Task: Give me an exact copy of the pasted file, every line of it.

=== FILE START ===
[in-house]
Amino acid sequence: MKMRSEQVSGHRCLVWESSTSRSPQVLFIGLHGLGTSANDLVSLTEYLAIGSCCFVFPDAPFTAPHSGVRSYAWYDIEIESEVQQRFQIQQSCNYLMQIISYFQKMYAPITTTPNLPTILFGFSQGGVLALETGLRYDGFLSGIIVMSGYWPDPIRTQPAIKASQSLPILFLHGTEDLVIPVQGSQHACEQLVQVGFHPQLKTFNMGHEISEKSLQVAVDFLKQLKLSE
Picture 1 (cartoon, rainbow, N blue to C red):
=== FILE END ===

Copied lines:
[in-house]
Amino acid sequence: MKMRSEQVSGHRCLVWESSTSRSPQVLFIGLHGLGTSANDLVSLTEYLAIGSCCFVFPDAPFTAPHSGVRSYAWYDIEIESEVQQRFQIQQSCNYLMQIISYFQKMYAPITTTPNLPTILFGFSQGGVLALETGLRYDGFLSGIIVMSGYWPDPIRTQPAIKASQSLPILFLHGTEDLVIPVQGSQHACEQLVQVGFHPQLKTFNMGHEISEKSLQVAVDFLKQLKLSE
Picture 1 (cartoon, rainbow, N blue to C red):